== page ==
Furthermore, lung function, particularly FEV1 is the most important objective clinical outcome measure in CF. The main aim of treatment with IV antibiotics is to achieve and maintain the patient’s best lung function21. In our study, lung function and weight improved significantly in both groups (p =0.001). Hospital treatment did not show a better clinical outcome, compared to home treatment (ΔWeight, p =0.608; ΔFEV1, p =0.606). These results are in agreement with the results of other studies which showed that although there were some changes from baseline, mean improvements in body weight, FEV1 and FVC were not statistically significant between home and hospital groups26,27. The study of Wolter et al, reported that there were significant differences over time in changes from baseline noted for FEV1 (p =0.006) and FVC (p =0.002) although, there was no statistical difference between home and hospital arms in the overall improvement in the lung function (FEV1, p =0.27; FVC, p =0.30)26. Additionally, Termoz et al, compared changes in FEV1, FVC and weight among patients with CF who were treated in the hospital or at home. A total of 153 patients were analyzed (51 inpatients matched to 102 patients treated at home). The two groups had no significant differences in any outcome variable compared to baseline. The mean variation per year in FEV1 was greater (p =0.003) in the hospital group versus the home group28.

Nazer et al showed that the percent change in FEV1 was greater in-hospital group versus home group (p =0.04). In this study, patients were not stable, as in our study; they were treated for a pulmonary exacerbation and they reported that hospital therapy resulted in a significantly better improvement in FEV1 and required less duration of treatment as compared to home treatment in children with CF20.

QoL has been used as a synonym for a subject-centered perspective on health. Despite the increase in “quality of life” research in adults, there are few studies on “quality of life” in children. While generic measures begin to emerge now, methods to assess the QoL of children with chronic conditions are still in development. The design of such an assessment tool for different age groups and varying levels of disabilities was the objective of a European Union-funded study: the DISABKIDS project. The purpose of DISABKIDS questionnaire was to assess the general QoL and the level of distress caused by the chronic disease. The questionnaire is relatively simple and fast to complete, and it is composed of 56 items which are divided to six dimensions: Independence, Emotion, Social inclusion, Social exclusion, Limitation, and Treatment23. QoL measurements are reported as important in many studies. A review suggested that QoL seems to be better when IV treatment is administered at home 16. The benefits of home treatment for patients include shorter hospital stays, reduction in hospital-acquired infections, and improved health-related QoL16. Our study also showed that the children receiving home IV antibiotic therapy improved in all scales of QoL. This result is in agreement with the conclusion of Esmond et al, that the patients who undertook their treatment at home had improvements in their QoL29. One possible explanation for these results is the familiarity most patients have with the home environment, as there is minimal interruption to their everyday lifestyle and less disruption of their social relationships. Furthermore, as shown in our study, the pediatric patients who were better educated by the nurses, were more confident and able to self-manage their treatment at home, under the scheduled visits of nurses.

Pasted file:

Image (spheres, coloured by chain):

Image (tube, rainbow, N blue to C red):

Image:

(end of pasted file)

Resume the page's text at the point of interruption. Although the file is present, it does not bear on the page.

Additionally, comparative studies have shown that home IV antibiotic therapy is cost saving, reducing the economic burden on patients and health care providers24. A study by Elliott et al recorded that patients who had over one year 60 % of courses at home, had a mean cost of £13,528 compared with £22,609 for patients who had more than 60 % of courses in the hospital, and a mean cost of £19,927 for patients who had an equal mix of home and hospital care (p =0.001)21. Thornton et al, also reported the cost of the hospital treatment to be higher than home treatment (mean difference £9,005, p <0.001)16.

Various studies revealed that home intravenous antibiotic treatments had a similar clinical outcome, provided a better QoL and were less costly than hospital interventions. In many European centers; patients with CF are given IV antibiotics on a regular basis even in the absence of acute pulmonary exacerbations, as recommended by the European guidelines20,30,31. Home treated patients are better selected and prepared for home care and additionally many of them had visiting nurse support on regular base providing assistance with the IV administration of medications10-15.

Finally, more studies are needed with the inclusion of more participants, longer follow-up period and more outcome measures. Especially, the small number of subjects included in most existing studies explains their inability to reach statistical significance as they are underpowered to detect differences between hospital and home IV antibiotic administration and thus defining the superiority of one intervention versus the other. Until further studies provide definitive answers, treatment at home, should be reserved for properly selected patients and be individualized, depending on the policy of each center and the needs of each patient20. In conclusion, although in certain countries most healthcare centers have established protocols for home IV treatment, few of them audit the outcome of their home IV antibiotic service32. Possible limitations of the current study include the small sample size, and the absence of randomization, as the groups were selected according to the patients’ needs. Our prospective study, the first among CF pediatric Greek patients, adds additional evidence that home IV antibiotic treatment is an effective and safe alternative treatment for CF children as it provides potential benefits that include significant clinical outcomes, better QoL and more cost savings.